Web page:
Project Number: 5010-42000-048-000-D
Project Type: In-House Appropriated
Start Date: Jan 19, 2016
End Date: Jan 4, 2021
Objective 1: Identify and characterize microorganisms and microbial genes that can reduce trichothecene contamination of grain-based food and feed. Sub-objective 1.1: Determine the role of natural microbial populations in reducing Fusarium mycotoxins in wheat. Sub-objective 1.2: Identify trichothecene resistance mechanisms in a diversity of trichothecene-producing fungi. Objective 2: Determine the effects of climate change on susceptibility of wheat and corn to contamination by trichothecenes and other Fusarium mycotoxins. Sub-objective 2.1: Evaluate the effects of environmental conditions associated with climate change on susceptibility of wheat and corn to Fusarium infection and trichothecene contamination. Sub-objective 2.2: Identify stress-induced changes in plant metabolism and transcription associated with Fusarium infection and deoxynivalenol under projected future climate conditions. Objective 3: Determine the genomic diversity of Fusarium Head Blight pathogens and identify species or population-specific differences in host-pathogen interactions, mycotoxin production, or pathogen fitness under different climatic conditions. Sub-objective 3.1: Determine the genomic diversity and population affinities of NX-2 strains in relation to other FHB pathogens in North America, and utilize comparative genomics to identify regions of the genome influenced by adaptive evolution. Sub-objective 3.2: Characterize competitive interactions of Fusarium graminearum populations on spring and winter wheat. Sub-objective 3.3: Characterize changes in the aggressiveness and mycotoxin production of FHB species, chemotype groups, and populations in response to different climatic conditions.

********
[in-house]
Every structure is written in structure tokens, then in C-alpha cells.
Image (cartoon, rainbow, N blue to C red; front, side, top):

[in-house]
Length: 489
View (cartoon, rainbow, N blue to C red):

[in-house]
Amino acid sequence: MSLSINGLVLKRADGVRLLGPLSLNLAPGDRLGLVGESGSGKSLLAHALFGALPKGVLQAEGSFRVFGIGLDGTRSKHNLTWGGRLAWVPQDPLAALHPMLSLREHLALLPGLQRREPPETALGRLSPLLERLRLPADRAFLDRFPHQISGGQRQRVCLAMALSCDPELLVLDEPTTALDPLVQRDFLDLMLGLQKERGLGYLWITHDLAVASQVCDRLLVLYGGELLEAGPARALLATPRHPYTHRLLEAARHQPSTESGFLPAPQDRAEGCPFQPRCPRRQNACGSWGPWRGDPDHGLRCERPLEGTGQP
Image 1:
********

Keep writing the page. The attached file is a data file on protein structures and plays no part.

In recent years, the world has experienced an increase in mycotoxin contamination of grains due to climatic and agronomic changes that encourage fungal growth during cultivation. We will isolate and characterize major contributors (yeasts, filamentous fungi, and bacteria) to the microbial community associated with wheat cultivation. Microorganisms isolated from the wheat phyllosphere and rhizosphere will be evaluated both for their efficacy as biocontrol agents of mycotoxigenic Fusarium, and for their ability to detoxify or degrade mycotoxins. We will identify and characterize trichothecene detoxification genes from microbes capable of surviving mycotoxin exposure. As a parallel approach to trichothecene detoxification we will identify resistance mechanisms from diverse fungi that produce trichothecenes and have naturally developed strategies to cope with exposure to these toxins. Plants have evolved complex signaling mechanisms to respond to stress; however, simultaneous challenges by abiotic and biotic stress factors results in the activation of diverse signals that can have synergistic and antagonistic effects on each other. Additive abiotic stress can alter plant health and susceptibility to mycotoxins. We will evaluate the effects of environmental conditions associated with climate change on susceptibility of wheat and corn to Fusarium infection and trichothecene contamination and identify changes in plant physiology or defense that influence mycotoxin contamination. Climate induced physiological changes that occur in the host and influence mycotoxins and/or Fusarium infection will be useful as markers in plant breeding programs aimed at developing climate resilient fungal resistance strategies. Fusarium graminearum and other members of the F. graminearum species complex (FGSC) are the primary cause of Fusarium Head Blight (FHB) and trichothecene contamination of wheat worldwide. Understanding diversity at the level of species, genetic populations, and trichothecene chemotypes is critical to the development of effective disease control and mycotoxin reduction strategies. We will determine the extent, distribution, and significance of genomic diversity among FHB pathogen populations, species, and chemotype groups. Finally, we will test hypotheses regarding species, population, or chemotype-specific differences, in host-pathogen interactions, mycotoxin production, or pathogen fitness under different climatic conditions in order to understand the influence of host and climatic variables on pathogen composition and trichothecene contamination.